The Landscape Capacity Study for Peebles North West lists opinions on sensitivity to the hillsides and the land below, along the river. The settlement edge is given “Views and Visual Features High Sensitivity” and the study states that “these slopes are highly visible from the A703 and from elevated viewpoints along the valley sides’’. We therefore cannot support the proposal to have static caravans in area 5.
We are concerned that the existing road links both to the town centre along Rosetta Road and March street and to the A703 at the Crossings junction, are quite inadequate for the volumes of traffic which any major housing development and extended Holiday Park will generate. A comprehensive traffic study will be necessary to demonstrate how acceptable traffic flows can be obtained.
We are concerned that there has been no planning brief undertaken for this development by Scottish Borders Council to set the parameters for the design of the development, as this is a significant site within the Peebles settlement boundary. In addition a full traffic study should be undertaken.
We conclude that further consultation should be held once the housing layout design and traffic study are taken further, so that numbers and impact on the parkland landscape can be reviewed and traffic requirements satisfied. Until that is done we reserve our position.
We cannot support the proposal to have static caravans on plot 5.
Ronald Ireland, Chairman
Copies to – Tweeddale Councillors
Director of Environment & Infrastructure, Scottish Borders
Peebles & District Community Council
Scottish Borders Council Local Development Plan
Main Issues Report
Q 1 Yes we agree
Q 2 Yes we agree
Q3 Yes we agree but we suggest that the definition and housing numbers used for the Western SDA and Northern Housing Market Areas are finally consolidated into one clear quantity to avoid confusion in the future.
Section 5 Economic Development.
Q4 Yes we agree to Western Borders proposal b) but with regard to the Whithaugh site Appendix A1 Western SDA site MPEEB004 we would suggest that a site master plan is prepared and that employment land is identified. Structure planting should be undertaken as soon as the site is agreed so that adequate landscape screening is achieved well in advance of construction. Under the heading Site Requirements reference should be made to the condition that no development takes place in advance of the completion of the Second Tweed Crossing.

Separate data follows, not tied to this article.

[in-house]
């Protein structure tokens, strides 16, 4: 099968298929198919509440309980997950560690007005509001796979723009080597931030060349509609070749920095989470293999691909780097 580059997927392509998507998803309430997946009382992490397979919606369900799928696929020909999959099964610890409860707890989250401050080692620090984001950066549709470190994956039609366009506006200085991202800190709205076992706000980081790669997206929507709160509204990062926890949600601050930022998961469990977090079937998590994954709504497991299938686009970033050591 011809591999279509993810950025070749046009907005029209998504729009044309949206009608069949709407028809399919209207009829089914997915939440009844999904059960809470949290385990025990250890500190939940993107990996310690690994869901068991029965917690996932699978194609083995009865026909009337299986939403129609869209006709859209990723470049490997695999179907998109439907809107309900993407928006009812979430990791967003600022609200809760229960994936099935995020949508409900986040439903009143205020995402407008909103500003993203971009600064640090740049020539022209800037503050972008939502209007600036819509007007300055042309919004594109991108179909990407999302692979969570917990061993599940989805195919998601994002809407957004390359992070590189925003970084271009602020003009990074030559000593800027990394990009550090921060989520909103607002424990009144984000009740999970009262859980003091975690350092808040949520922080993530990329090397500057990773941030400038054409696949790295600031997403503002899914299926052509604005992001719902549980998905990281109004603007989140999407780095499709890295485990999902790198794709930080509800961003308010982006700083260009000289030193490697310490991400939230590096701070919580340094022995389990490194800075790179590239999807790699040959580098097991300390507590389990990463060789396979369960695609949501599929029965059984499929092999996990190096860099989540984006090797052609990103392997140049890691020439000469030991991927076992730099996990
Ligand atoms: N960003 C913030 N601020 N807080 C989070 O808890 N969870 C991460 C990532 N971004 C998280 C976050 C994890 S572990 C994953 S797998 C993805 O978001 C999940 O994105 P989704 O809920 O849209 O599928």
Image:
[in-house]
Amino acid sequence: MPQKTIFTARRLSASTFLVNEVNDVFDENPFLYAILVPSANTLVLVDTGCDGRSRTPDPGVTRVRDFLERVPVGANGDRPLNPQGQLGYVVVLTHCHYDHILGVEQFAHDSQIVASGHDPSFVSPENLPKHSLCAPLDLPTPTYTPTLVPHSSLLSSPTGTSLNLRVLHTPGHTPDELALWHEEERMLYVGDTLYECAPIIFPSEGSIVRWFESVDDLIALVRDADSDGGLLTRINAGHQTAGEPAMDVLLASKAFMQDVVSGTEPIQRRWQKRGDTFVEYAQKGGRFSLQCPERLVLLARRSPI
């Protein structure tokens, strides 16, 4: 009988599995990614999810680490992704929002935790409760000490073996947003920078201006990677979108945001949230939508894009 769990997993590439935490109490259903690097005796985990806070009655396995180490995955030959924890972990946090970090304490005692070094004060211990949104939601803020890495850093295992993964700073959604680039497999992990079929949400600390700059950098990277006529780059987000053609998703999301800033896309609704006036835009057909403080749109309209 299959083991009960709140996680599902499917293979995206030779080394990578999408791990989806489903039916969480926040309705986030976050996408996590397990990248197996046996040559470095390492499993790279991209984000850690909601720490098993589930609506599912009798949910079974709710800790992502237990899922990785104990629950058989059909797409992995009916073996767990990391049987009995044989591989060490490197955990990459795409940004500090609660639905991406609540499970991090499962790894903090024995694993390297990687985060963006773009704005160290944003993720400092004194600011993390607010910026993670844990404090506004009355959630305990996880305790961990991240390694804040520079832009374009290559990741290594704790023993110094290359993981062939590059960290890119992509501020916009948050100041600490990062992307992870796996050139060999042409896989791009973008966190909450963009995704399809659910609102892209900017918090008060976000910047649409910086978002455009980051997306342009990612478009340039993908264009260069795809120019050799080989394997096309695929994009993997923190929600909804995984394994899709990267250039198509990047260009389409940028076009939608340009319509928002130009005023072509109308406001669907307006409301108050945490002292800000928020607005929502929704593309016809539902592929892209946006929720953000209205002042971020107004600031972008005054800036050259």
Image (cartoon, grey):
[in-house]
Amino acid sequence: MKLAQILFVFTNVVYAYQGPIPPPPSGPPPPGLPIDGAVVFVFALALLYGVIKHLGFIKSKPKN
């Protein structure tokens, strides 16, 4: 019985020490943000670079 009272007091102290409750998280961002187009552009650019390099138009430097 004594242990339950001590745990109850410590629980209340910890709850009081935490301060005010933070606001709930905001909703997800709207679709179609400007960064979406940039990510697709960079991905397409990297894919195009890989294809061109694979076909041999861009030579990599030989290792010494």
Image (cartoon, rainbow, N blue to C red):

Q5 Yes we agree to the preferred option.
Section 5 Housing.
Q7 We agree with the preferred option but we suggest that the definition and housing numbers used for the Western SDA and Northern Housing Market Areas are finally consolidated into one clear quantity to avoid confusion in the future. We note that the requirement for 2019 – 2024 for the Western SDA states 100 houses. There is always pressure from house builders for more development in Peebles and this should be strictly controlled.
Q8 No. We disagree with the proposed preferred option for Peebles to develop site APEEB021 We are very concerned about the increase in vehicular traffic along Caledonian Road that would be caused by the addition of 50 houses. Also, the current Local Plan has a presumption against further housing development to the south of the River Tweed on account of the capacity of the Tweed Bridge and its approaches. We would prefer the alternative site APEEB041 as it is a logical extension of the site TP200 in the current Local Plan providing that Rosetta Road can cope with the additional vehicular traffic.